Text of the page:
Paris strictly enforces its regulations of trinket shops and food stands that surround popular attractions. This is why Paris’s thoroughfares are not clogged with vendors selling questionable or overpriced goods—unlike the tourist spots of many other European capitals.
Still, there are even quieter sweet spots close to monuments that are unknown to the hordes. These are perfect places to rest your feet, write a postcard, or find better deals on food and gifts.
No matter how crowded it gets underneath the Eiffel Tower, for instance, it is usually placid in the grassy areas just outside the pillars closest to the Seine—an ideal spot for a picnic lunch made of items from a local store. (Time your dessert course for after sundown so you can watch the structure sparkle in on-the-hour light shows.)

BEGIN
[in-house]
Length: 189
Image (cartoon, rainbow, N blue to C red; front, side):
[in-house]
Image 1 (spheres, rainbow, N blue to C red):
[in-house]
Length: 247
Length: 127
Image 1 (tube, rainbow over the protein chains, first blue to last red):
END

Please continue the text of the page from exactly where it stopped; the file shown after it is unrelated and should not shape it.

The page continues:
Similarly, the backside of Sacre Coeur bears all the Montmartre charm of the front, but is less cacophonous, more classically Parisian, and priced for locals. In fact, the Lamarck neighborhood—as this quartier in the shadow of the basilica is known—is one of the most traditional areas of the entire city. Descend the stairs on rue du Mont Cenis, stopping at Le Relais, a century-old bistro that was one of the haunts of Édith Piaf (the late pop vocalist who recorded a famous version of La Vie en Rose).
After an inexpensive steak-and-potatoes dinner at a table set outdoors on cobblestones, continue your descent to La Butte, a lively café on the corner of rue Caulaincourt, for an equally reasonable after-dinner drink or coffee. Don't worry about climbing back up all those stairs to get back to your hotel: the Lamarck-Caulaincourt metro stop is right nearby.
—Laurie Pike, guest-blogging for our Affordable Europe series.